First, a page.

Learning Trends to Watch in 2006

» Posted by Jeanne Meister  » Posted on 12.03.07

Published December 2005

As we enter 2006, how will our priorities change? Here are four trends to watch.

Delivery for the ’Net Generation
Today’s college students, dubbed the ’Net generation, born between 1980 and 1994, will be entering the workplace in a few years. They expect results immediately. They carry an arsenal of electronic devices—the more portable the better—and they are able to juggle several conversations on Instant Messenger, surf the Web and listen to music on their iPod while reading Othello for homework. In other words, they seamlessly mix learning, communicating and playing. Even college professors are adjusting to the needs of these engaged learners. A recent article in the Chronicle of Higher Education, titled “The ’Net Generation in the Classroom,” says college professors are being forced to adjust by shortening their lecture from one hour to 15 to 20 minutes before they break. Why? To give the students an opportunity to share, collaborate, engage and learn from one another.

Learning professionals need to engage the ’Net generation. Corporate learning departments will continue to shorten the learning module while introducing new delivery modes. Usage of podcasts, gaming and vodcasts to engage these learners will be much more widespread.

Continuing Education for CLOs
Newly appointed CLOs enter the profession from a range of disciplines, including training and development, general management, sales, engineering and even the general counsel’s office. These diverse professionals require new skill sets, including strategic planning, organizational leadership, data-driven decision-making, technology and innovation, business acumen, teaching and learning methods, and relationship management. A number of accredited universities plan to offer full-blown certification programs that lead to a doctorate in learning management.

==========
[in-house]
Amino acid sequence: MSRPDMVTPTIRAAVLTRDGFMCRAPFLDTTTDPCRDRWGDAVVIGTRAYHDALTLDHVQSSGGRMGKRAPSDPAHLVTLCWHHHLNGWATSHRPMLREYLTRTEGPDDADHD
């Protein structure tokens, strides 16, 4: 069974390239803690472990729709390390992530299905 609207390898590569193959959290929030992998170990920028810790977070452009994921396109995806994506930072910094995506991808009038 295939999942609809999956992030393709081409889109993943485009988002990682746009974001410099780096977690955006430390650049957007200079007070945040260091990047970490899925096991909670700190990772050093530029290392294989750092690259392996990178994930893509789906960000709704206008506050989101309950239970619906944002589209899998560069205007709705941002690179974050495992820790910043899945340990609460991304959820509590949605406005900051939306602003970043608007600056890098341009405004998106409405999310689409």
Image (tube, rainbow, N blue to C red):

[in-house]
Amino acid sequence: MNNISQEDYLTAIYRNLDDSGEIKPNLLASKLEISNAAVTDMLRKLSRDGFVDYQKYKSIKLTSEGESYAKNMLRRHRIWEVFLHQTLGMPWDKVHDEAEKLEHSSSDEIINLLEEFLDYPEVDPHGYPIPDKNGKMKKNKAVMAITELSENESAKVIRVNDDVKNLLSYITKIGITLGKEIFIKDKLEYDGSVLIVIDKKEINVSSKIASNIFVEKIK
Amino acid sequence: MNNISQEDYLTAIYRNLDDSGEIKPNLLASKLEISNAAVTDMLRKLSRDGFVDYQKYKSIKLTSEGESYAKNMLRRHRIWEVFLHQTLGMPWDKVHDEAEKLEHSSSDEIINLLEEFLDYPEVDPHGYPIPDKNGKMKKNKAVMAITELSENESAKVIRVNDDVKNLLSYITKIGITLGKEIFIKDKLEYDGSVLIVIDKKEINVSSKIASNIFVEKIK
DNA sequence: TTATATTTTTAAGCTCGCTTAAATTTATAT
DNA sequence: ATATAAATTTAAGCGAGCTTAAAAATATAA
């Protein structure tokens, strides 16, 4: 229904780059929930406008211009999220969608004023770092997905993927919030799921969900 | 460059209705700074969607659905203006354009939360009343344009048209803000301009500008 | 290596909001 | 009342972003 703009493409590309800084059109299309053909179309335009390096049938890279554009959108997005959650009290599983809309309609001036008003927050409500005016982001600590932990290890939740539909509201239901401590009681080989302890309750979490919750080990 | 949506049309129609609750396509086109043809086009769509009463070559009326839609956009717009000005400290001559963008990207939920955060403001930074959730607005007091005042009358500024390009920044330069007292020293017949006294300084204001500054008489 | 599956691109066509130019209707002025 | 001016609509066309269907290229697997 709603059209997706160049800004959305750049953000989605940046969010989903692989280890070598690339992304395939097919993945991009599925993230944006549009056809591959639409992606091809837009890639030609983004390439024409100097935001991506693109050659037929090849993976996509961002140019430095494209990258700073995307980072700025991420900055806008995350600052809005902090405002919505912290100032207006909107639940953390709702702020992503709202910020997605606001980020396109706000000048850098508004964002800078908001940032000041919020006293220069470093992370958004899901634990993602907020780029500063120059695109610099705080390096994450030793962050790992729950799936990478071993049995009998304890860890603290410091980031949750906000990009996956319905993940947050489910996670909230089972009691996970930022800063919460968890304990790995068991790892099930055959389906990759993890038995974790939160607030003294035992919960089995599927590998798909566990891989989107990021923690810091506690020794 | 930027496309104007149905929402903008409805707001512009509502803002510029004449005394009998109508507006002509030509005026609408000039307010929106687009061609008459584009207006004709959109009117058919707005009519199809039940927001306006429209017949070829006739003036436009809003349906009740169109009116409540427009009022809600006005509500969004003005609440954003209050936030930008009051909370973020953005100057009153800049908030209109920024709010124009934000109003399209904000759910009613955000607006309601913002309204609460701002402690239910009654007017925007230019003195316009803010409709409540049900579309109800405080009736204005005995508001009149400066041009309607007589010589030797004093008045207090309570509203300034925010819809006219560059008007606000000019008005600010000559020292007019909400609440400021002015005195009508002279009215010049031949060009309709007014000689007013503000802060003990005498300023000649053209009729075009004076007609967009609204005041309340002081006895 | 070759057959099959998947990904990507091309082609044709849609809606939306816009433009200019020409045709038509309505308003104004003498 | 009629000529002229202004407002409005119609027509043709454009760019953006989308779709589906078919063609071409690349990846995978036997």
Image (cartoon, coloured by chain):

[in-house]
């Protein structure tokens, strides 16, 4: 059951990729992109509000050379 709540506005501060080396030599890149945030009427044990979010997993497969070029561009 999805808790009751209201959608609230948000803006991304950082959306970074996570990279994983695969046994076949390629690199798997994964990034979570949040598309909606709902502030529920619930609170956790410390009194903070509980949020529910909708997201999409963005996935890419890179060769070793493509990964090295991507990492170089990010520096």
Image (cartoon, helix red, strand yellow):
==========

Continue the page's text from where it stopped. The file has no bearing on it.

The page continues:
The impetus to engage in continuing education may well be shortened tenure. According to executive search firm Spencer Stuart, C-level executives are on the job only 23 months. As time gets shorter to deliver on CEO expectations, the need to expand one’s skill set becomes more critical.

Learning Outsourcing Matures
As learning outsourcing matures, the focus will be on how to best manage learning outsourcing to achieve improved business results. The decision to outsource is no longer a short-term, tactical, cost-saving move. Increasingly, it will be much more strategic. Organizations will demand vendors to address how they can outsource the learning function to achieve a number of hard business metrics.

Focusing on the transformative value of learning outsourcing will require CLOs to weave learning into the business plans of their organizations. If you’re not already on the CEO’s agenda, you need to find ways to get there. That means being proactive in attending strategic planning meetings, presenting monthly and quarterly project updates and talking regularly with stakeholders in the executive suite. The goal is for learning to be so integrated with the business that learning deliverables become part of the fabric of the business plan.

University Partnerships
The share of all public universities’ revenues deriving from state and local taxes declined to 62 percent in 2004 from 74 percent in 1991. What does this mean to corporate education? Traditional universities are becoming much more open to forming alliances with corporate universities in an effort to develop joint degree programs with a corporate guarantee of students.

One example is the Ingersoll-Rand MBA degree, offered in partnership with Kelley School of Business of Indiana University. The IR MBA was created to meet the needs of Ingersoll-Rand’s high-potential managers. It is offered both online and on site at Ingersoll-Rand University, and includes specific case studies on global business management in the industrial manufacturing sector. Now in its third year, the IR MBA is attracting interest among other corporate universities who intend to drive universities toward increased customization in return for tuition reimbursement dollars.

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